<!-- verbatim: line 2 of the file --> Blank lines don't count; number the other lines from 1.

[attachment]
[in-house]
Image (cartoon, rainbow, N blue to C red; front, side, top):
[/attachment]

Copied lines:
Image (cartoon, rainbow, N blue to C red; front, side, top):